The U.S. Centers for Disease Control and Prevention (CDC) nows estimates that 35 percent of coronavirus infections are asymptomatic.
But that’s not even the most important part of their latest estimates. It’s the CDC’s new “best estimate” for the case fatality rate amongst symptomatic patients.
But, before I got to that, I should note that back in March, the World Health Organization (WHO) estimated a 3.4 percent fatality rate and Dr. Anthony Fauci estimated that the fatality rate of the coronavirus was about 2 percent.
President Trump was skeptical of both those numbers, particularly the WHO’s estimate: “Well, I think the 3.4 percent is really a false number,” Trump told Sean Hannity. “Now, and this is just my hunch, and — but based on a lot of conversations with a lot of people that do this. Because a lot of people will have this and it’s very mild. They’ll get better very rapidly. They don’t even see a doctor. They don’t even call a doctor. I think that that number is very high. I think the number, personally, I would say the number is way under 1 percent.”
Several studies have suggested that Trump was right. But, now here’s what the CDC is saying about the fatality rate the coronavirus:
- 0-49 years old: .05%
- 50-64 years old: .2%
- 65+ years old: 1.3%
- Overall ages: .4%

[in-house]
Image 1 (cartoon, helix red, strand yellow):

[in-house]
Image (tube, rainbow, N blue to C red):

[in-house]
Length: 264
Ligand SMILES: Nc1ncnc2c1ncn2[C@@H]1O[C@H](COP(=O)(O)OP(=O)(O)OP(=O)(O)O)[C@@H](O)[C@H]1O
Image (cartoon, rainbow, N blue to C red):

According to the CDC’s current best estimate, the case fatality rate of the coronavirus is .4 percent. And that’s just amongst symptomatic cases, which, the CDC estimates, is 65 percent of all cases. This means the CDC estimates that the fatality rate for all infections across all age groups, symptomatic as well as asymptomatic, is approximately .26 percent.
Quick video showing how to calculate the IFR from the CFR which the CDC gave us using actuals AND the 35% asymptomatic rate.
I think I have this right now. pic.twitter.com/XuC8f3FVtf
— Justin Hart (@justin_hart) May 22, 2020
The CDC does caution that the numbers are likely to change with new data, but considering we’ve gone from 3.4 percent to 2.0 percent to now 0.26 percent. The more data we get, the lower the numbers get. So, I’m thinking it might get even lower.
But, the bigger takeaway from this is that the early doomsday predictions about the coronavirus were all wrong. Everything that justified the lockdowns and the shutting down of our economy was wrong. We need to open this country back up._
Matt Margolis is the author of Trumping Obama: How President Trump Saved Us From Barack Obama’s Legacy and the bestselling book The Worst President in History: The Legacy of Barack Obama. You can follow Matt on Twitter @MattMargolis